She appears in one of the most beloved paintings in Washington’s National Gallery of Art — “Symphony in White, No. 1: The White Girl” (1862) — but few people know her name. No longer. Joanna Hiffernan is now at the center of The Woman in White, an exhibition at the NGA that explores the close working relationship between James McNeill Whistler and his Irish model and mistress that produced some of the most beautiful and enigmatic paintings of the 1860s.
“The White Girl” is a haunting full-length portrait of a young woman, with large blue eyes and Titian-red hair, in a white linen dress. She stands on a rug made from the pelt of a wolf (or is it a bear?) and stares off into the distance, while the animal’s taxidermized head, tinged with red pigment, confronts the viewer head-on. A wilted lily dangles from her ringless left hand. The work seems charged with symbolic meaning, but as to precisely what it represents, nobody can agree.
The painting was first shown at an independent gallery in London, which advertised it as “The Woman in White,” a reference to the popular Wilkie Collins novel of the same name. (The plot revolves around a mysterious woman who is revealed to be an asylum escapee.) But Whistler insisted that he had never read the book and that the painting “simply represents a girl dressed in white standing in front of a white curtain.”
That didn’t stop critics from trying to decode the work when it reappeared in Paris at the Salon des Refusés in 1863. Is the girl a bride or a fallen woman, they wondered. A sleepwalker or an apparition? A mad, flower-strewing Ophelia or a guilt-ridden Lady Macbeth? The identity of the model remained as inscrutable as the painting’s subject.
The Woman in White: Joanna Hiffernan and James McNeill Whistler reflects a wider movement among historians to portray models as active collaborators in the artistic process rather than silent, passive muses. In recent exhibitions around the world, flame-haired “stunners” like Lizzie Siddal and Fanny Cornforth, the working-class women who posed for Dante Gabriel Rossetti and other Victorian painters, have gotten their due. Yet until now, Hiffernan’s life remained relatively unexamined.
Born in 1843 to a schoolmaster in Limerick, a four-year-old Hiffernan and her family were among the hundred thousand Irish who immigrated to London during the Famine. The conditions in the city, especially for the working poor, were hardly an improvement — records show that her youngest sibling died of malnutrition. By 1860, however, Hiffernan was living in her own studio apartment and likely earned decent wages as an artist’s model.
That year, aged twenty-one, she met Whistler, a twenty-six-year-old American painter. A West Point dropout, he had spent the last few years studying art in Paris, where he began to develop the idea that art should not rely on moral, historical or literary subjects. “As music is the poetry of sound,” he later wrote, “so is painting the poetry of sight, and the subject-matter has nothing to do with harmony of sound or of color.”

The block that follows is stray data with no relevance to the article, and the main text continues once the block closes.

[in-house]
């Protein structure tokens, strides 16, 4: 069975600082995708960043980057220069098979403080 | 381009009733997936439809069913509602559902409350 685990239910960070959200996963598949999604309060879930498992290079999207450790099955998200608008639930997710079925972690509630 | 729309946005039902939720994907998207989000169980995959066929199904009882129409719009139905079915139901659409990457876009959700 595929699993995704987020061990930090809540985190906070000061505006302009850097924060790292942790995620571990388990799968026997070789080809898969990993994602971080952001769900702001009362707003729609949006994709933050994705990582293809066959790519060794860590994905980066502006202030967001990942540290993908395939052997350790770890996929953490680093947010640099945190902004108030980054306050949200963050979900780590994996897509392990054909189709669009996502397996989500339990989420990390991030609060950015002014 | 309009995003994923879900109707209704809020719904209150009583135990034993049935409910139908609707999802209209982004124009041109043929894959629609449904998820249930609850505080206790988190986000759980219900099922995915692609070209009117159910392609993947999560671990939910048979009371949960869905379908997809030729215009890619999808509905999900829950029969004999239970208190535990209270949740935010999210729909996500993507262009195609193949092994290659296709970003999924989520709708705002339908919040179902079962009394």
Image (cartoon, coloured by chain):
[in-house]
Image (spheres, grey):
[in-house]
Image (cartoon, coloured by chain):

Whistler was struck by Hiffernan’s beauty and lively personality. The unmarried couple moved in together and embraced their status as outsiders, mixing with longshoremen and sailors, whom Whistler sketched and painted, and attended séances with Rossetti. Whistler trusted Hiffernan with a variety of business matters, and when he undertook a seven-month trip to Valparaíso, Chile, in 1866, he even gave her power of attorney.
Modeling itself was no easy task: the artist was famous for making his subjects work punishing hours. In Whistler’s case, it could also be life-threatening. To create the “Symphonies in White,” a trio of paintings including “The White Girl” that featured Hiffernan in a pale gown, he used large amounts of lead white paint. The toxic fumes made both of them so ill Rossetti, perhaps only half-jokingly, speculated it was lead poisoning that fueled the artist’s “combative” personality.
Whistler and Hiffernan’s romantic relationship deteriorated sometime in the late 1860s, and in 1870 he had a brief affair with a woman called Louisa Fanny Hanson, who bore him a son. (Whistler would later describe the child as an “infidelity to Jo.”) Hiffernan, now referred to as “Auntie Jo,” and her sister, Agnes, brought up the young Charlie Hanson. Hiffernan succumbed to bronchitis at the age of forty-four during a particularly bad winter in 1886, fading from the historical record as quickly as she appeared.
So, alas, further biographical information that might flesh out this “fiery” Jo is scarce. But if the visual evidence on view at the National Gallery is any indication, at least audiences can still rightly exclaim, as Whistler once did, “She has the most beautiful hair that you have ever seen!”
This article was originally published in The Spectator’s September 2022 World edition.